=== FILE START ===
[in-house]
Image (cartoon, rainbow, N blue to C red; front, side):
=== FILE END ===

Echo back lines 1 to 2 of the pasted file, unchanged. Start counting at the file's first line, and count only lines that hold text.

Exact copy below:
[in-house]
Image (cartoon, rainbow, N blue to C red; front, side):